The other day Alexis Manning posted a link in the Nat Geo Daily 10 to a video showing rare footage of a pod of orcas attacking a family of sperm whales (watch above). The video is from Blue Sphere Media, a production company with the tagline: “We fuse dramatic imagery with intimate and thought-provoking stories, to connect people to globally important issues and inspire action.”
Blue Sphere Media founder Shawn Heinrichs posted on his website that his team caught the footage on a nine-day trip to Sri Lanka, where they were looking for blue whales. Heinrichs wrote: “Together we battled rough seas, burning sun, cramped boat conditions, and long days searching endless seas. Though not so successful with blue whales, what we did achieve was beyond anything any of us could have imagined, as we documented a world first underwater!”
The group captured the action on a Canon 1DX in Nauticam Housing and a GoPro 3.
While the video is exciting, it’s clear Heinrichs is reading from a script, and the narration is peppered with dramatic language (“dorsal fins slicing through the water,” etc.), so the whole thing came off as a little breathless to me. I wondered how rare the attack really was.
So I reached out to National Geographic grantee Robert L. Pitman, a scientist in the Marine Mammal & Turtle Division of the Southwest Fisheries Science Center in the National Marine Fisheries Service. Pitman is based in La Jolla, California, though he emailed us from the field in Cambodia.
Pitman studies killer whale predation, and co-authored a paper in Marine Mammal Science in 2001 called “Killer Whale Predation on Sperm Whales: Observations and Implications.” Pitman also co-wrote a piece in Natural History called “Terror in Black and White” in 1998, which documented orca attacks on a pod of sperm whales off the coast of California.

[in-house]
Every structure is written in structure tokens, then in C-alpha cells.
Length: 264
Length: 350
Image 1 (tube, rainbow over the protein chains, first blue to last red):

Pitman told us:
I did see the video and it is quite astonishing. I have spent many years at sea studying whales and dolphins, and killer whales in particular, and I have only seen this behavior once (see the above links). It has rarely been observed and never before filmed so I was quite interested in seeing the available footage. This is about the largest predatory event you can witness on our planet – the largest apex predator taking on one of the largest prey species. Truly a battle of titans.
But, despite the huge size advantage that sperm whales have, and their massive jaws that hold the largest set of teeth in the world, sperm whales are terrified in the presence of killer whales. However, their enormous size does make them a formidable and potentially dangerous prey for killer whales, which may be why attacks are recorded so infrequently: there may be relatively few groups of killer whales that have learned how to safely and effectively prey on sperm whales.
When sperm whales are attacked they often form a rosette, a wagon-wheel formation with their heads pointed in and their tails pointed out. When they are in this formation, they flail the water with their massive tails in an effort to ward off the attackers. If there is a calf present, the killer whales will focus their attack on it, so the sperm whales will put the calf in the middle of the rosette to keep the killer whales from harming it. The killer whales must be very careful around agitated sperm whales because a slap from that tail could be life-threatening.
I think that killer whales attacking sperm whales is perhaps the most spectacular animal interaction that occurs on Earth today, and perhaps hasn’t seen its equal since dinosaurs roamed the Earth 65 million years ago. Just incredible!!
Another National Geographic grantee, Filipa Samarra, told us, “I am not an expert on this particular region, but it seems to me like a very interesting encounter. As far as I know this type of attack on sperm whales specifically is little recorded with such high quality video, but it is known that killer whales may attack sperm whales. This type of behaviour where the group of orcas tries to separate a single, usually young individual, is also known from their attacks on other whales, like grey whales off the California coast.”
Samarra, who studies killer whale social and foraging behavior in Iceland, added that little is known about the whales off Sri Lanka.
Brian Clark Howard covers the environment for National Geographic. He previously served as an editor for TheDailyGreen.com and E/The Environmental Magazine, and has written for Popular Science, TheAtlantic.com, FastCompany.com, PopularMechanics.com, Yahoo!, MSN, and elsewhere. He is the co-author of six books, including Geothermal HVAC, Green Lighting, Build Your Own Small Wind Power System, and Rock Your Ugly Christmas Sweater.